President-elect Barack Obama has selected physicist Steven Chu as U.S. energy secretary.
A Democratic source confirmed to CNN that President-elect Barack Obama's choice for secretary of education is Arne Duncan, the head of Chicago public schools.
Obama made the announcement about energy secretary and other energy positions at a news conference in Chicago, Illinois, Monday, calling Chu "uniquely suited to be our next secretary of energy" for his work on new and cleaner forms of energy.
Chu, who runs the Lawrence Berkeley National Laboratory in California, won the 1997 Nobel Prize in physics and is highly respected in energy circles.
Obama also named Carol Browner, administrator of the Environmental Protection Agency in the Clinton administration, as the newly created "climate czar" inside the White House. The position will oversee policies on energy, the environment and climate.
Lisa Jackson, former head of New Jersey's environmental agency, was tapped to serve as Obama's Environmental Protection Agency administrator.
"Lisa also shares my commitment to restoring the EPA's robust role in protecting our air, our water and abundant natural resources so that our environment is cleaner and our communities are safer," Obama said.
Obama also picked Nancy Sutley, the Los Angeles deputy mayor for energy and environment, to lead the White House Council on Environmental Quality. Sutley, a prominent supporter of Sen. Hillary Clinton's bid for the Democratic presidential nomination, is the first high-ranking gay appointee to the Obama administration.
Steven Chu speaks at a news conference after President-elect Barack Obama named him energy secretary.
Sutley has been "at the cutting edge" of environmental work on the municipal and regional level, Obama said. She will be "a key player in helping to make our government more efficient in coordinating our efforts to protect our environment at home and around the globe," he added.
Los Angeles Mayor Antonio Villaraigosa praised the appointment of his deputy mayor to a national post.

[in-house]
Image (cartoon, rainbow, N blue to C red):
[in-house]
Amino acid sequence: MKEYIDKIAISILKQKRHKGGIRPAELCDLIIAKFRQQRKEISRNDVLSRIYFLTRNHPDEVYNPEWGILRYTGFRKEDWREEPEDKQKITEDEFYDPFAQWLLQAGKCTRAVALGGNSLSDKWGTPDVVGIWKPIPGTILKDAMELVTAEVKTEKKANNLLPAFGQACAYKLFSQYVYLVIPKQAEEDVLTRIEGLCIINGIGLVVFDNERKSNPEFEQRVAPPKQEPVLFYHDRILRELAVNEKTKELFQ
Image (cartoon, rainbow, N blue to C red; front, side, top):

"With Nancy on my team, we have made tremendous progress -- from quadrupling our renewable energy portfolio to exceeding the targets set out by the Kyoto Protocol four years ahead of schedule," he said in a written statement.
Energy is one aspect of the president-elect's goal to create 2.5 million jobs by 2011. The plan aims to put Americans to work updating the country's infrastructure, making public buildings more energy-efficient and implementing environmentally friendly technologies, including alternative energy sources.
"In the 21st century, we know that the future of our economy and national security is inextricably linked with one challenge: energy," Obama said at a news conference to introduce his energy team.
"We've seen Washington launch policy after policy, yet our dependence on foreign oil has only grown, even as the world's resources are disappearing," he said.
"This time has to be different. This time we cannot fail, nor can we be lulled into complacency simply because the price at the pump has for now gone down from $4 a gallon. "
During his campaign, Obama said he would invest $150 billion over 10 years in clean energy. He proposed increasing fuel economy standards and requiring 10 percent of electricity in the United States come from renewable sources by 2012.
The news conference comes in the wake of a scandal involving Illinois Gov. Rod Blagojevich, arrested last week on federal charges related in part to allegedly trying to sell Obama's vacant Senate seat.
Illinois law gives the governor the sole power to appointment interim senators. Many of the state's political leaders -- and Obama -- have called on the governor to resign.
Obama said last week he would be getting information about conversations between his staff and Blagojevich's, and would release it in the next few days.
The transition team said Monday afternoon that a review of staff contacts with Blagojevich and his office has been conducted and completed and is ready for release.
The review "affirmed the public statements of the president-elect that he had no contact with the governor or his staff, and that the president-elect's staff was not involved in inappropriate discussions with the governor or his staff over the selection of his successor as U.S. senator."
The statement said the transition team agreed to a request from the U.S. attorney's office to delay the public release of the transition review until next week so as not to impede with the investigation of the governor.
Also Monday, Obama is expected to meet with his national security team, which includes Sen. Hillary Clinton, his pick for secretary of state, and Defense Secretary Robert Gates
An aide to Obama said the meeting will cover a "range of topics" and the focus will be on "international opportunities and challenges."Monday's event is part of a series of gatherings that will make sure the team is ready to "hit the ground running on January 20," the aide said.